First things first: The Trip to Italy, the sequel to 2010’s surprise hit The Trip, may be the whitest movie ever made. Featuring immeasurable first-world ennui, the characters talk about Percy Shelley and Lord Byron like current pop icons and play deep album cuts from Alanis Morrisette’s “Jagged Little Pill” while driving a convertible minicar. The film was one PGA endorsement deal away from the most culturally white moment in human history.

Once again, Steve Coogan and Rob Brydon play themselves on a lackadaisical all-expense paid trip, ostensibly under the pretext of writing a travelogue. Last time out, Coogan was more severe, clinging to vestiges of fame that had been reduced to a smolder from what was a four-alarm fire (at least in Britain). This time, Brydon’s career is ticking upwards, in a notably Coogan-esque fashion. Not only that, but the obligatory lady dalliance falls into the latter’s court this time around.

Through the looking glass now, it is Coogan trying to be a better father and improved human being while Brydon yearns to shirk his branding as an aggressively affable human being. This shift is evident even in the casual dinner conversations, which inevitably degrade into celebrity impression contests. Whereas in the previous film, Brydon’s sometimes good/sometimes bad celebrity parroting seemed like an innocent quirk, here it is shown to be a coping mechanism for a man incapable of handling serious life issues as himself.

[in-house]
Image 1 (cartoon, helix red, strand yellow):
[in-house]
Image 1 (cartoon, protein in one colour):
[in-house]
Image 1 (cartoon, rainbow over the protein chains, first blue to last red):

Much like the first endeavor, The Trip to Italy is a comedy only in the daintiest sense of the word. More akin to spending time with friends who are almost as funny as they think they are, the film intentionally ambles from one moment to the next. Even when weighty elements occur, such as Brydon’s affair or Coogan’s problematic relationship with his son, they mostly brew deep inside the internal waters of these men, only burping a bubble or two visibly above the surface. Much in the same way that Richard Linklater’s Before Sunrise series is stunningly honest about romantic love, this series is fast establishing itself as one of the more realistic fictional depictions of friendship.

That said, the realism does become mildly agitating at points. Brydon is your friend who wouldn’t stop doing Borat voices two years after the movie came out. At times, both characters feel outright grating. Yet, somehow, director Michael Winterbottom is always able to reset the film back to its amiable nature. Clearly, his intention in scuffing up his leading men in such a way is to take the sheen of performance off of them. It works, even if that’s sometimes a bad thing.

One of the rare sequels that is a better movie than its predecessor, this installment is headier, funnier and a freshly sincere examination of heterosexual male friendship. A movie this muted isn’t designed to provoke a chair-throwing, exclamatory reaction so much as it is intended to be thoughtful and, for lack of a better term, “nice.” And so it is. The Trip to Italy may well be the nicest movie of the year.

Grade = B+

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